Waging War by Jody Fredwest

We wage wars every day. The most dangerous ones are waged within ourselves. It is these conflicts that break us. That change us. That keep us honest. Or keep us hiding behind an image. Personally, surrendering to this war of image and expectation would mean death. Waving the white flag would mean living a lie.

I will admit to doing things backwards in the eye of society. I have yet to live up to any expectation or standard that  has been set upon me. Some people spend their lives trying to be seen as important, to gain some power, and some have even been so naive to convince themselves that they are smarter than others… I get it.

Everyone could “paint by numbers” and the result is we love the originality – the beautiful image of something that was created long before – and then hidden behind layers of color. If I can compare my life to paint by numbers, then I suppose I ran out of paint a long time ago. The war I waged against myself was just that, fighting against false image.

I once played house. But houses can be deceiving. For me, playing house externally looked perfect, but was quietly filled with rage. A naïve little girl, marrying a man for vindication, starving myself to obtain beauty, keeping quiet to remain safe. I have never hated an image more. I let the world I created inside that house engulf me. I was suffocating on an image that I caught so simply, like going fishing and catching a boot. That was when my battle really started, because tucking myself so tightly behind closed doors was far harder than waging a war.

I could find acceptance again without much effort. If I wanted, I could find a financially stable man who wanted a trophy wife. And I would spend my days playing the perfect housewife: give my vagina a lovely little home, have dinner on the table by six every night. I could scrub the toilet and condemn everyone living with less than what I have.   In that perfection, I could pretend to be too busy to be myself. To take the accomplishments of my spouse as my own, and find acceptance in those who once saw me as this poor little jaded single mother of two.

Instead, I wage a war; A beautiful, quiet, sometimes messy war.

These wars, the most dangerous ones, reflect how we respond to the lives of others. Somewhere in time, character of a man was bound silently to how much money he makes. In my time I have seen many, and some of the poorest men have had the most character of all. Some people have taken on battles that ruin them, that consume them so much, that they just can’t bare to lead lives outside of that. I was once that little girl, so tired of fighting that I couldn’t think outside of myself. Consumption of this kind in excess can lead to trying to drown yourself in the bathtub I found strength to fight in the faces of my children, but not everyone has a reason to fight. Some people have dinner on the table every night at six and quiet houses filled with rage. People go fishing and catch all kinds of things.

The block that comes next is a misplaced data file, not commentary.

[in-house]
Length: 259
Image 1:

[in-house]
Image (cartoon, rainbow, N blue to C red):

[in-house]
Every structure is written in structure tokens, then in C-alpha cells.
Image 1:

It is my constant battle that keeps me honest to what I am on this planet, what I can be to others around me. In this dangerous war I am reminded that poorness is not a matter of material possessions, it is a lack of morality and character. Not all beautiful pictures are paint by number. Society has the power to do many things; it can set standards and sell wars, but remember that it can also leave you bloated and dead in the bath tub.

I had to forgive myself for my past. To hug the helpless little girl I once was. To be brave and continue fighting the never-ending war within me.



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About the Author

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Jody Fredwest

Jody Fredwest is the Mother of two loquacious boys and one equally talkative dog. She is working towards her bachelor’s in creative writing and enjoys blogging about her awkward life experiences. She wants to be a strong voice for women, the underdog, or anyone else that is fighting for a dream unparallel to society’s expectations. While not writing she enjoys reading, hair bows, documentaries, and painting. She detests peas and Gilbert Godfrey’s voice.

3 Responses to “Waging War by Jody Fredwest”

  1. Catherine Hackman 03. Sep, 2012 at 5:30 pm #

    You write in a style I am trying to capture. I am working hard to get to the deeper layers and not just stay on the surface. I tried to find your blog–no luck. Maybe you could send the web address to me?

    • Jody 06. Sep, 2012 at 1:06 pm #

      Thanks for reading, Catherine. Here is my blog address. I hope you enjoy it and can take something away from it.

  2. Jody 07. Sep, 2012 at 7:07 pm #

    jodyfredwts.blogspot.com